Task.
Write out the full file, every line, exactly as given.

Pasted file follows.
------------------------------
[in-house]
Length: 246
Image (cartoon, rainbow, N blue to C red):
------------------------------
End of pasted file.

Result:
[in-house]
Length: 246
Image (cartoon, rainbow, N blue to C red):